The movie simply titled Get Out — a phrase that Eddie Murphy once joked would be a sure signal for black people to depart a haunted house upon hearing voices telling them to “Get out!” — is still holding strong with a 100 percent Rotten Tomatoes rating as of this writing. Now that enough people have seen Get Out in order to give the movie a $1.8 million gross revenue day on Thursday, and a $10 million Friday opening tally — with the Get Out movie projected to rake in nearly $30 million over the weekend — as reported by the Chicago Tribune — people want to know a lot more about the writer and director of Get Out, Jordan Peele.
Most people have long loved Peele as part of the Key & Peele award-winning comedy sketch duo, with Keegan-Michael Key oftentimes attached to Peele’s hip. However, with Peele branching off to helm his $4.5 million directorial feature debut — a racial thriller with plenty of blood and gore to satisfy horror genre fans — people want to know a lot more about the bi-racial Peele, who is married to Chelsea Peretti, seen in the below photo together.
Peele’s wife is of interest to fans of the Get Out movie since Get Out focuses on the central character of a black man named Chris who has dated his white girlfriend for five months when the duo decide to travel to her hometown for the weekend to introduce her parents to Chris for the first time.
The Get Out movie plays into nearly every black person’s fear — or a commonly relatable fear of an African-American man traveling to a predominately white suburb. Even prior to the cool opening, with the strains of Childish Gambino’s “Redbone” harkening Bootsy Collins’ Rubber Band’s “I’d Rather Be With You” song near the intro, a black man disappears into the trunk of a white Porsche when he gets lost in the suburbs, despite his funny, “Not today!” declaration. According to The New York Times, Peele’s Get Out thriller offers a compassionate look at race relations, and visually displays what it could be like to be a black man trapped in a nightmare of a white man’s world.
With Peele himself the member of an interracial union, one can’t help but wonder how much of his real life experiences he borrowed for the making of Get Out, at least in terms of taking a real-life experience of racism — which Jordan calls the real “monster” in the above video — and translating that monster of racism into the scenes shown in Get Out.
The Get Out movie sort of feels like an updated version of The Stepford Wives, however, with the central character being able to “get out” and escape the nightmarish world wherein everyone turns on him — even the white girlfriend who seemed to so eloquently have his back. Chris exposed his soul to his woman — revealing his deepest regrets at not doing more to prevent his mother from dying in a tragic hit-and-run accident when Chris was only an 11-year-old boy.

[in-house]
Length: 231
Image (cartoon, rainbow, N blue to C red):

Whereas the Get Out movie initially feels like an us-against-them interracial union set to beat the odds — Get Out eventually transforms into a movie that shows a cult-like family who literally wants to use the best parts of the African-American experience for youthful energy, en vogue stylings, their vision, sexual proclivities and more.
Get Out shows a bingo scene that is eerily a silent auction, selling off Chris for $10,000 to the highest bidder — a literally blind white man who fools the Get Out audience into thinking he might be the “colorblind” saving grace of the movie. Alas, he isn’t, and neither seemingly are any of the white characters in the Get Out movie — a plot problem that could bring charges of reverse racism to the otherwise excellently creepy movie. Get Out is the kind of movie that will have moviegoers talking and thinking for days or years afterward — with the silent auction bringing to mind a much campier time that Key & Peele posed as dejected slaves on the auction block.
However, with Chris’ girlfriend scouting out her next black NCAA victim prior to her demise in the Get Out movie and audiences cheering as she’s nearly choked to death before Chris’ best friend rescues him from the place of evil and warns him about engaging in the relationship with a white woman, one would expect the charges of Get Out being an anti-white, reverse racist film on Facebook.
If Peele had placed some redeeming white characters in the movie — like the white people in real life who marched alongside blacks and risked their lives in Civil Rights marches in the 1960s — perhaps the Get Out movie would be an easier pill for everyone to swallow. On Twitter, people have all kinds of views of the Get Out movie as well. And while those who cluck their tongues at the seeming proliferation of white women dating black men may view the Get Out movie as some sort of warning “to stay with your own kind,” obviously Jordan’s life does not mean to send that message. Here’s hoping his Get Out movie doesn’t either, but instead, will help all races eschew racism and truly adopt a post-racial society.
[Featured Image by Eric Charbonneau/Invision for Universal Pictures/AP Images]